In the eye of Typhoon Haiyan

Rowena Bajado-Alcober, 33, from Catigbian, in Tanauan, lost her mother, father and brother in the storm surge after Typhoon Haiyan tore through Leyte. Rowena lives with her husband Carlo’s family, however her family lived closer to the coast in Santa Cruz, Tanauan, and she knew they were in serious danger as the storm came through. Her four-year-old niece, surviving brother and sister-in-law have moved to live with Rowena now as they have nowhere to go.

“The Typhoon started about 7 o’clock in the morning and the wind kept getting stronger and we saw the trees starting to fall and the roofs starting to fly. It was very strong that we almost couldn’t see the other houses because of the wind and rain.

It was really foggy so nothing could be seen outside, only we hear the strong rains and the sound of the wind. It was horrible, we just stayed inside of the house. Our roof started to fly and fall and a different part of the house started to be destroyed so we stayed inside together with the other families who stayed with us, nine families were all here during the Typhoon.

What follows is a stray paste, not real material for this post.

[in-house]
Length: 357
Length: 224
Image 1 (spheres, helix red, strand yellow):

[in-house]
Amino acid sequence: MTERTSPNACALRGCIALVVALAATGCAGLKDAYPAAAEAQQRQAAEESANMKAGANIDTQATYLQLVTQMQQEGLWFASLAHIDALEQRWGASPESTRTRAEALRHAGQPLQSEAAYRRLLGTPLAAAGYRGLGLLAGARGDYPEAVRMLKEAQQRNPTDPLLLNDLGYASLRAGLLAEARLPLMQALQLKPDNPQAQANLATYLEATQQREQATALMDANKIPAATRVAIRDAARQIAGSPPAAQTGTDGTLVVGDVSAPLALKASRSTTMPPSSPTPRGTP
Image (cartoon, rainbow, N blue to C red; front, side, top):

Young and old we all stayed there inside, looking outside at all the debris flying. Some of us were praying, some of us were crying. The children, they didn’t know what was happening, they were still enjoying just like they’re having a birthday party, but (not) the old ones – all of us were worried.

We were thinking it was the end of our lives. I was worrying about my family because my family were living near the shore. My parents and brothers, they were living in Santa Cruz, the barangay (village) near the town proper of Tanauan.

The morning after, I thought me and my niece would be the ones left in our family. So we were both crying, she was thinking of her mama and her papa. In the afternoon there was big water that hit the shorelines or the town proper and that’s the time that I was worried because our place was low lying and it would be really hit by water.

During typhoons, even just little rain there would be floods, so with that really strong Typhoon I knew something would happen with my family. My father and my mother died and also one of my brothers. They died, they drowned.

They were found Friday afternoon but we were able to bury them Saturday, and my brother we were able to bury on Sunday, he was the last to be found. But in our place there are still many dead who are not yet found, they are still missing until now.

We were left homeless, parentless, we were only left with few things from our house, we have nothing to return to.”

Written by: Anne Wright, Oxfam Australia Media Coordinator

We are working with affected communities to meet basic needs and to help them rebuild their livelihoods in the longer term. Click here for an in-depth update on Oxfam’s work over the first month, or explore our interactive map.